Although women represent 51 percent of California’s population, do you know what percentage of our state legislature are women? Just 26 percent!
So why does that matter? I learned why in a briefing hosted by Close the Gap CA, a state-wide campaign working to increase the number of talented and progressive women who run for California State Senate and Assembly seats.
I walked into that briefing never imagining that I would run for public office. I was there because I coordinate the Women’s Foundation of California Women’s Policy Institute (We’re recruiting new fellows until July 9).
Nearly 100 women representing over 40 organizations across California were gathered together to figure out how to recruit more talented, progressive women to fill Assembly and Senate seats that will be open in 2014 and 2016. In addition, some of the women present were planning to run for office themselves. I was so impressed to see many women of color attending the meeting who are serious about running for public office.
While I was inspired by many of the former and current State Legislators who spoke, I was most intrigued by Assemblymember Cristina Garcia, who currently represents California’s 58th Assembly District. She struck me in many ways. As a resident of Bell Gardens, CA in Southern California, she talked about the frustration and disillusion with growing up in an underserved community that most people leave in the search for better opportunities. She was one of them. The thing is, when she visited home, she would complain about the disparities her community continued to face. Finally, someone said to her, “You’re just like everyone else. You leave, never come back, and don’t do anything about it.”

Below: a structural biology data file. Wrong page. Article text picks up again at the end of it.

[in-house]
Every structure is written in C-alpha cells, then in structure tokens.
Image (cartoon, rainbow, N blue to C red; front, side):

Encouraged to do something about it, she took action. Although she wasn’t eager to run for office, she felt it was her responsibility to do so and now she is representing and advocating for her own community.
Listening to her reminded me of myself. She is a woman of color who looks like me, who speaks like me and comes from an underserved community like mine. Growing up in a small town in the Central Valley, I left with no plans of returning – except to visit family and friends.
Until I attended the Close the Gap meeting, I haven’t seen a lot of women of color who have come from underserved communities talking about what it means to lead their communities as public servants. I hadn’t realized that when women lead, communities succeed. Women in positions of power tend to build more broad-based coalitions. They are more likely than men to act with urgency to shift the priorities to focus on health and human services, education and community infrastructure. This isn’t just true for women in elected office. Catalyst, a think tank dedicated to expanding opportunities for women in business, has found that companies that achieve diversity in their management and on their corporate boards obtain better financial results, on average, than other companies.
As I listened to Assemblymember Garcia’s story, I realized that I’m now educated, connected to resources, and knowledgeable about public policy. I have something to give. Maybe I will consider running for office after all! And maybe you know someone who should run too. Check out Close the Gap CA to learn more.